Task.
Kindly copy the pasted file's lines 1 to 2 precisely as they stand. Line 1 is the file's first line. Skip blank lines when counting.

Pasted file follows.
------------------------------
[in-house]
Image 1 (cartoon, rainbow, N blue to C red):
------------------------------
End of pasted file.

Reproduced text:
[in-house]
Image 1 (cartoon, rainbow, N blue to C red):